The early railroading days of the L&N in Breathitt County were a wild time. Men and women from around the world came to the county to help extend the Lexington & Eastern Railroad deep into the farthest reaches of the Appalachian Mountains. These people brought with them a wide and varied array of backgrounds and heritages.
For the most part, the broad-shouldered men who came to push the railroad forward were some of the wilder elements of society. In the mountains, they found a ready supply of good whiskey and wild women that usually proved to be a fatal mix. Violent clashes with the mountain men were widely reported throughout the area as land owners and railroaders chose to disagree over property rights.
One of those violent clashes took place at the Lane Brothers Railway Camp on Quicksand and was recorded with a large black headline on the front page of The Hazard Herald on August 17, 1911.
Killing in Breathitt Granville Turner shot Down At Railroad Camp Near Jackson Noted Character “Revenge” Seemed The Motive Seemingly seeking revenge for testimony given against him in Court, Granville Turner, of Quicksand, Breathitt County, Kentucky, led a party of friends in an attack on a railroad camp Tuesday night, 8th inst. At the first exchange, Turner was killed and his friends fled. Turner was arrested recently on a charge of “bootlegging” whiskey to the railway camps on the Lexington & Eastern extension. Several laborers and J. W. Hilliard, a foreman, appeared in Court against him. Tuesday night Turner gathered his friends and shortly before midnight he led them to the camp. When they got within range they began firing into the tents of the sleeping men. Foreman Hilliard ordered the fire returned, and every gun in camp was brought into play. One of the attackers was seen running across the road, and Hilliard, who was using a repeating rifle, fired, killing the intruder instantly. That ended the fight. Two of the laborers were sent to Jackson to notify the authorities, and County Judge Hagins and a posse went to the camp. They identified the dead man as Turner. He was a brother of Wesley Turner, Jr., the Breathitt County Jailer killed a year ago by Jake Noble, who is still at large. Hilliard was arrested and placed in jail, with four other men, at Jackson.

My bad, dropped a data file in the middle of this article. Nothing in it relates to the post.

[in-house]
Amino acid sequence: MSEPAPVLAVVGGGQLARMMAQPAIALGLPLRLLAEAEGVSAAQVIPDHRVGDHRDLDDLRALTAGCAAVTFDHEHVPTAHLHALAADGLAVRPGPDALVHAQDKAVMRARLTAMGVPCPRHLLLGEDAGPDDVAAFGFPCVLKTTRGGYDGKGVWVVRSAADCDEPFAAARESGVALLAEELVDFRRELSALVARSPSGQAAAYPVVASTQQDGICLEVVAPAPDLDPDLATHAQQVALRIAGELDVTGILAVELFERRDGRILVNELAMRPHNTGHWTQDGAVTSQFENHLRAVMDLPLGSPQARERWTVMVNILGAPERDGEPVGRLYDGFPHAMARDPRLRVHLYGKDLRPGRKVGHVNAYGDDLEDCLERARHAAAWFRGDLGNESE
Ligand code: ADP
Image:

A similar story appeared on page five of The Jackson Times after the editor seemed unimpressed by the violence and treated it as just another shooting story.
Granville B. “Buddy” Turner was the son of Wesley Turner, Sr., and his wife, Henrietta “Haney” Spicer. He was born on August 31, 1861, near Canoe and was married about 1881 in Breathitt County to Ellis Noble. He and Ellis had 9 children a the time of his death on August 8, 1911. He is buried in the Turner-Tharp Cemetery at Kragon.
County Judge J. Wise Hagins went to the camp and J. W. Hilliard, Frank Blair, Joe Lucas, and Ray Carson surrendered without a fight declaring that they had acted in self-defense. Each was charged with the capital murder of Granville Turner.
A long, drawn-out trial was held in the October term of the Breathitt County Circuit Court. A jury of twelve peers could not agree on a verdict and the case was transferred to Clark County Circuit Court where a jury determined that the men had acted properly and that Granville Turner had “committed suicide” by attacking the camp.
Mountain justice ruled again.
© 2022 Stephen D. Bowling